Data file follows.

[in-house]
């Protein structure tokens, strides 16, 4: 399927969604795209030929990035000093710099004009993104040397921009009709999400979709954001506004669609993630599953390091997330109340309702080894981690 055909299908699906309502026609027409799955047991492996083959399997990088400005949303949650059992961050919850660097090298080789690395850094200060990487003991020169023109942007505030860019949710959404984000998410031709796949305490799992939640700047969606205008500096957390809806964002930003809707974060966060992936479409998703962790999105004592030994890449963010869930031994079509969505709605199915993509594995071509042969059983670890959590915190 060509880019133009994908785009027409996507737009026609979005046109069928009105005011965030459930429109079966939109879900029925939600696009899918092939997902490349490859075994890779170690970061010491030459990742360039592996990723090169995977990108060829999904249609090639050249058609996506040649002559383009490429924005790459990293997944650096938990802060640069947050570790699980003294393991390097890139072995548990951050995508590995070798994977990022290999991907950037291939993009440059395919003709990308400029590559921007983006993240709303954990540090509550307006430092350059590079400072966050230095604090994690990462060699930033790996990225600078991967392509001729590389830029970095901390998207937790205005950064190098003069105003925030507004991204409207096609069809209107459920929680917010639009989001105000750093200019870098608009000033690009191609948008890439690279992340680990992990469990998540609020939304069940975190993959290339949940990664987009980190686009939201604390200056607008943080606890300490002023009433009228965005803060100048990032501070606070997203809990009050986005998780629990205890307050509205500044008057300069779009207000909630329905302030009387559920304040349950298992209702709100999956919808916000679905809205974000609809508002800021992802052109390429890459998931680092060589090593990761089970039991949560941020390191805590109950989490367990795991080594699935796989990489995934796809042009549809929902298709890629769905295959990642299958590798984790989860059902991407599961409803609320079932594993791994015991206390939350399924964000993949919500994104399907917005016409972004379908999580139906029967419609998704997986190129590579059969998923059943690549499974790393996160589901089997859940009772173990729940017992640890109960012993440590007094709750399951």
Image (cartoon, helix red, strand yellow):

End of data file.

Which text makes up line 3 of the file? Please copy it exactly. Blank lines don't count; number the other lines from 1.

Image (cartoon, helix red, strand yellow):